Problem using mosfet with Attiny45

Hello everyone,

I have a unexplained problem with my homemade timer.
I use an Attiny45 and a mosfet (FDS6930B) in order to activate a Linkit One (bad bad bad FAKE arduino for dumbies).

The schema :

The code on Attiny45 :

#include <avr/sleep.h>
#include <avr/wdt.h>

#ifndef cbi
#define cbi(sfr, bit) (_SFR_BYTE(sfr) &= ~_BV(bit))
#ifndef sbi
#define sbi(sfr, bit) (_SFR_BYTE(sfr) |= _BV(bit))

volatile int f_wdt = 0, flag = LOW;
int analogInPin = A1;

void setup() {
  pinMode(0, OUTPUT);
  pinMode(1, INPUT);

  setup_watchdog(8); // approximately 4 seconds sleep

void loop() {
  if (f_wdt >= 2) {  // wait for timed out watchdog / flag is set when a watchdog timeout occurs
    f_wdt = 0;     // reset flag

    digitalWrite(0, HIGH); // let led blink

    while (flag == HIGH) {
      flag = digitalRead(1);

    flag = LOW;
    digitalWrite(0, LOW);

  pinMode(0, INPUT); // set all used port to intput to save power
  pinMode(0, OUTPUT); // set all ports into state before sleep

// set system into the sleep state
// system wakes up when wtchdog is timed out
void system_sleep() {
  cbi(ADCSRA, ADEN);                   // switch Analog to Digitalconverter OFF

  set_sleep_mode(SLEEP_MODE_PWR_DOWN); // sleep mode is set here

  sleep_mode();                        // System sleeps here

  sleep_disable();                     // System continues execution here when watchdog timed out
  sbi(ADCSRA, ADEN);                   // switch Analog to Digitalconverter ON

// 0=16ms, 1=32ms,2=64ms,3=128ms,4=250ms,5=500ms
// 6=1 sec,7=2 sec, 8=4 sec, 9= 8sec
void setup_watchdog(int ii) {
  byte bb;
  int ww;
  if (ii > 9 ) ii = 9;
  bb = ii & 7;
  if (ii > 7) bb |= (1 << 5);
  bb |= (1 << WDCE);
  ww = bb;

  MCUSR &= ~(1 << WDRF);
  // start timed sequence
  WDTCR |= (1 << WDCE) | (1 << WDE);
  // set new watchdog timeout value
  WDTCR = bb;

// Watchdog Interrupt Service / is executed when watchdog timed out
ISR(WDT_vect) {
  f_wdt++;  // set global flag

Actualy the pin 0 of Attiny should activate the mosfet but it does'nt work like this.
The output voltage seems to be too low to activate my Linkit ONE, I don't understand why but if I replace my attiny by an Arduino UNO it works correctly.

If you have any genius ideas I take.
Thank You !

Are you sure the problem isn't just that you're doing something wrong with the sleep/wdt stuff? I'll bet the '45 is never even getting to the point where it tries to turn on the fet, due to some difference between '328p and '45.

If the Uno can drive the fet, there's no reason that the '45 can't too, running at the same voltage.

Also, you need a pulldown resistor on the gate of the mosfet, otherwise when you put it into input mode, the pin value will float, and that can turn the fet on (often only part-way on)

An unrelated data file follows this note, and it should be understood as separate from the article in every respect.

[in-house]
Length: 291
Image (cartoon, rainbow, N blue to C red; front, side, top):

In fact, using the ATtiny , the MOSFET is active during a second, and replace in the off state .

I tested with LED instead of mosfet and LED shining before moving four seconds in standby and start over.
The tiny consumes so little in sleep that I have nothing to measure it. So I think it work fine.

For resistance, I must to put it betwen the pin 0 and the S1 pin of MOSFET ?

Is it possible that the tiny voltage is insufficient to close the mosfet ?

Did you forget the decoupling cap between Vcc and Gnd?

This is to remove the harmonics ? I will try to put the capa and the resistor tomorow.
Like this ? :

I read this page , this schema :

We can see a zener diode between + engine and - engine connected to the drain pin of a transistor.
You understand why ? It could maybe help me.

Edit : oh, I have read the doc of my mosfet and there is already a diode inside. I always love to know what it is for, because I have not found.

thank you for your help by the way!

When you're driving motors, you need a diode (not a zener!) between the two wires going to the motor, such that it won't conduct normally. This clamps the back EMF when you turn off a motor (or other inductive load) - otherwise you can get a positive voltage spike on the negative side of the motor that exceeds Vcc when you turn off the motor, and this pulse could damage things. So you use diode to clamp it.

Decoupling caps prevent the part from being reset by brief voltage drops from things turning on off (including the part itself - without decoupling caps, parts can easily reset themselves). 0.1uf, ceramic (or tant), not electrolytic. Always put a decoupling cap on all IC's, as close to the IC as you can get it.

I have put the resistor and the capa like as my schema, but nothing change.
I'm desperate.

Any idea ? This afternoon I will make a video of my circuit to show you the behavior of this holy shit.

Click here (Youtube)
Now you can see the problem.

Now you can see the problem.

Perhaps not. Moving too much.

A perfectly focused, vertical photograph in good (day)light of each module might be more useful.

A perfectly focused, vertical photograph in good (day)light of each module might be more useful.

Like this:

That's a grain of rice on the top, and a surface-mounted resistor underneath.

did you find any solutions for the ATTiny85 to turn on the MOSFET??

i am stuck in a similar solution....